How to Deal with Culture Shock

Posted on Jul 7, 2015 | 1 comment

How to Deal with Culture Shock

There’s no doubt that moving to a new country and adapting to a new culture can be challenging. It takes time and requires a considerable amount of patience, even if you have experience moving abroad. Often times, the adjustment to environmental and social differences can include culture shock. When assimilating yourself into a new culture that’s very different from your own, culture shock is often unavoidable, but it doesn’t have to necessarily be a bad thing. Culture shock is a learning experience of its own, and with it comes a broadening of perspective and understanding. Getting a better idea of what you’re experiencing will help you deal with your possible culture shock in a healthy way and ensure a much smoother transition.

 

There are three main phases of culture shock:

 

1. The honeymoon phase

The pain of leaving home is often tempered by the excitement of arriving in a new place and the anticipation of beginning a new adventure. This is a fast-paced time when one often feels inspired by the newness around them.

 

2. The culture shock and homesickness phase

As the anticipation fades with your arrival and settling in, the original excitement may begin to turn into nostalgia for your home country. You may go through emotional challenges and question your decision to move.

 

3. The adaption phase

After confronting your culture shock and the doubts that come with it, you find a sense of belonging and create a new, balanced life. This final phase offers the rewarding opportunity to discover a new you. Some common signs of culture shock include homesickness, disorientation, depression, sleep disturbances and loss of focus. While it’s almost inevitable that you feel at least one of these symptoms at some point in your transition, your most important preventative tactic is to remain positive and do your best to continue working towards your goals.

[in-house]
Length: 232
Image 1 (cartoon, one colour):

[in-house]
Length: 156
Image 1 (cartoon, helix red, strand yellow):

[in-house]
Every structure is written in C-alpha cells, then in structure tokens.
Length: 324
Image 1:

1. Getting involved at your new job will help you keep busy, and eventually, when you feel confident about your new job, you will begin to feel more confident in all other aspects of your new life.
  2. Try networking in your area; it’ll help you get to know the neighborhood and make new professional and personal contacts.
  3. Most cities even have groups and networks specifically for expats. Talking with peers who have gone through similar transitions and faced similar emotions will help you feel connected and less alone.
  4. Volunteering is also a great way to meet new people and integrate yourself into the community. Whether you volunteer for a formal organization or do something nice for someone less fortunate than you, helping others also has a way of helping you gain perspective on your own life. If you are a member of Passport Career, the Top Employers and Volunteering sections in each country portfolio will help you find local opportunities to volunteer!

 

Do you have your own tips for dealing with culture shock? Share them in the comments below!


 

WANT MORE TOOLS FOR DEALING WITH CULTURE SHOCK?

Passport Career provides detailed career and cultural information and extensive resources for finding a job, internship, or alternative career opportunity in over 80 countries. If your organization, company, embassy, university/college, library or other institution would like access to our country portfolios (15,000+ pages of expert content for 80+ countries and 250+ cities) to share with your employees, their spouses/partners, students and others managing a national or international career transition, please contact us regarding a free, live, online demo and details on how to obtain a license to access Passport Career.

 

Katelyn Bellus, Research and Private Website Content Manager

One Comment

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